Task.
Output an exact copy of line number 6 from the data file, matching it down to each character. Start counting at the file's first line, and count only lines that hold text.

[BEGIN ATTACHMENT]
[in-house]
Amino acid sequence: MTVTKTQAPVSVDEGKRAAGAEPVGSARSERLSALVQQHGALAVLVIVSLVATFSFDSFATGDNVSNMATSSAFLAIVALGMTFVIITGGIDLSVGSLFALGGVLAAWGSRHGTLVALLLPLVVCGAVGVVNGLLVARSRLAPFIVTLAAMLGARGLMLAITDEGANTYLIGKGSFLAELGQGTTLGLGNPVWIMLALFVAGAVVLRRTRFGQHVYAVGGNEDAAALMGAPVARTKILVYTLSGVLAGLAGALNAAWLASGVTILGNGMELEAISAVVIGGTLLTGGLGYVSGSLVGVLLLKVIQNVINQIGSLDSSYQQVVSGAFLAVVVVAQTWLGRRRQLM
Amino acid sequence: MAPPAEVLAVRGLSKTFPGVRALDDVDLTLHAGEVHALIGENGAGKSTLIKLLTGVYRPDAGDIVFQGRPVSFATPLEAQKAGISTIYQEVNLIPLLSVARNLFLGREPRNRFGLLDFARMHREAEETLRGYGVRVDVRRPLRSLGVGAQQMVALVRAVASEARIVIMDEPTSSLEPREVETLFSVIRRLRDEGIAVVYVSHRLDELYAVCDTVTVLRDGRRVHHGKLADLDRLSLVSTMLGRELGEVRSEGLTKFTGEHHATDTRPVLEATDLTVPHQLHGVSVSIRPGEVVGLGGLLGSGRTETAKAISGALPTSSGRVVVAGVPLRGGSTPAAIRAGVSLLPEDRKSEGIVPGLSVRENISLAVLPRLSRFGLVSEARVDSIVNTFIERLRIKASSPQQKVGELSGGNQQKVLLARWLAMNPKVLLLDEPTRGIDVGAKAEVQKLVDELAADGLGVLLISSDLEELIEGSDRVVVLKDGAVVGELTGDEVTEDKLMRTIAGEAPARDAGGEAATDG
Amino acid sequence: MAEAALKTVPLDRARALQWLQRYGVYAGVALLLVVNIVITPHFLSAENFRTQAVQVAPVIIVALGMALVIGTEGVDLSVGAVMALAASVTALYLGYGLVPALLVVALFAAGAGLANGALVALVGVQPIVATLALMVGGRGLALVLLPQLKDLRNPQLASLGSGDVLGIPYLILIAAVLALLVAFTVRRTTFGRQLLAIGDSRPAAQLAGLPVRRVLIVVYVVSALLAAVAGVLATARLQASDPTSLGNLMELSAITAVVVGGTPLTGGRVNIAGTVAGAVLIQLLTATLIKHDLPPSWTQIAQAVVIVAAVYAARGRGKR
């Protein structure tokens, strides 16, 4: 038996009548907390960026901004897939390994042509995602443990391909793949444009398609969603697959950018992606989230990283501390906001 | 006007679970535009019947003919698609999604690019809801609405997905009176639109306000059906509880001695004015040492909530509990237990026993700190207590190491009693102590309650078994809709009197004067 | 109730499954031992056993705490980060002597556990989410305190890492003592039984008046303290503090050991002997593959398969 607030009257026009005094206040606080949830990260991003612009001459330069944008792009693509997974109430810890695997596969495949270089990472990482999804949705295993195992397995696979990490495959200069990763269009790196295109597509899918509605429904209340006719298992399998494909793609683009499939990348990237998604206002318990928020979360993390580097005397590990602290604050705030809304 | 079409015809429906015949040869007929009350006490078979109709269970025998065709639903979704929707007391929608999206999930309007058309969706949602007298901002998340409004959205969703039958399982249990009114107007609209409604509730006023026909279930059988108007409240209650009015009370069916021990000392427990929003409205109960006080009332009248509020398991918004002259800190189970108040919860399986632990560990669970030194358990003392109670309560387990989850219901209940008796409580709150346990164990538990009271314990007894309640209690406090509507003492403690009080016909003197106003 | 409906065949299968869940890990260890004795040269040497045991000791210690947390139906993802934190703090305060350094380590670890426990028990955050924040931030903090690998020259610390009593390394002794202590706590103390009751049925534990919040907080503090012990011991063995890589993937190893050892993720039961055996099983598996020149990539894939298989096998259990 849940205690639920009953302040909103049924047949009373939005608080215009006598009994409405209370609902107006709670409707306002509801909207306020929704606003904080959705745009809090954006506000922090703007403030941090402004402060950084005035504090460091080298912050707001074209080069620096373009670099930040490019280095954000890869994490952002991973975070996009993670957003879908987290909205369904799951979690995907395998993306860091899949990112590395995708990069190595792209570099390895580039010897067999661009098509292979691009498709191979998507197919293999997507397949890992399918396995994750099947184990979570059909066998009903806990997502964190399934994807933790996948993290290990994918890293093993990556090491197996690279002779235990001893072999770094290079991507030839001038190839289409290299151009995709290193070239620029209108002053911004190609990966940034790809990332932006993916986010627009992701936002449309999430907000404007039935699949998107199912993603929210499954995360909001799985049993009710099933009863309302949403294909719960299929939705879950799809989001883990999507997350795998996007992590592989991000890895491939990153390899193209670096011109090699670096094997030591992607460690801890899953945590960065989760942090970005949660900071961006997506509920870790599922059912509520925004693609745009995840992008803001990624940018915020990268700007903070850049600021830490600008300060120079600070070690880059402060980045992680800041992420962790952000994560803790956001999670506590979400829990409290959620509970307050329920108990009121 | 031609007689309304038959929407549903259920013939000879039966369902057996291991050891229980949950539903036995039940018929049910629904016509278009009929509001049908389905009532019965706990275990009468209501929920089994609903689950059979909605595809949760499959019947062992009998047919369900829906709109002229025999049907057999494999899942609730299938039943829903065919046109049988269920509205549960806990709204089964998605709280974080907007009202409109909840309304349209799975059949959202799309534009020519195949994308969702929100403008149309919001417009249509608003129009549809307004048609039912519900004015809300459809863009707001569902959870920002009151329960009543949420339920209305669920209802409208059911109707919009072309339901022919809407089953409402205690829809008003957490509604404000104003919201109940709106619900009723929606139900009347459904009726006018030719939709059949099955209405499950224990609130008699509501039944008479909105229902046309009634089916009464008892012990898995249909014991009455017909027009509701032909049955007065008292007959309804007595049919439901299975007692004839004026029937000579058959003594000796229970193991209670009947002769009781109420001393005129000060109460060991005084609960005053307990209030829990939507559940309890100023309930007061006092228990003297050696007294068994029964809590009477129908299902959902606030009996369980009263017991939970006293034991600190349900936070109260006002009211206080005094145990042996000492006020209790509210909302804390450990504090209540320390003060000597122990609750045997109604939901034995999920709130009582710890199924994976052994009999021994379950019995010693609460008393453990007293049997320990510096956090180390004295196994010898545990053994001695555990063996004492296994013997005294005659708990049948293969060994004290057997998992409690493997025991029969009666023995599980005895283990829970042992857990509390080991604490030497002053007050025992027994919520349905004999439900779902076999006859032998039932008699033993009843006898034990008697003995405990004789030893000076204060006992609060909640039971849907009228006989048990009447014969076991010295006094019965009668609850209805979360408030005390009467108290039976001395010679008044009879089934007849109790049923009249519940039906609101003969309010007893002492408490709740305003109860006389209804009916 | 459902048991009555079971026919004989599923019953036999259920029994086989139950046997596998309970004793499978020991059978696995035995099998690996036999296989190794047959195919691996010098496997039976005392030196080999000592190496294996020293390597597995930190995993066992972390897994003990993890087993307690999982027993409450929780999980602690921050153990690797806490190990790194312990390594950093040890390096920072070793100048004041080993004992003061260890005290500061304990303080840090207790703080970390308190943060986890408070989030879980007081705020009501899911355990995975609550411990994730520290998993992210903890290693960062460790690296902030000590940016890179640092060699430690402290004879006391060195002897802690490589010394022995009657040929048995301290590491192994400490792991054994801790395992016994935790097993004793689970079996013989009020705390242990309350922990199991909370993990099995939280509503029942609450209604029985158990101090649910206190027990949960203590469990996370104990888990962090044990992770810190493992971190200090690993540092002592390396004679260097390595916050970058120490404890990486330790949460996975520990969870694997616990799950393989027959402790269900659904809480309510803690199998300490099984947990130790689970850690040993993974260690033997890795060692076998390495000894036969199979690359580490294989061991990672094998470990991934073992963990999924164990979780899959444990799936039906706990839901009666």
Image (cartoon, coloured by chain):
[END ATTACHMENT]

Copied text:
Image (cartoon, coloured by chain):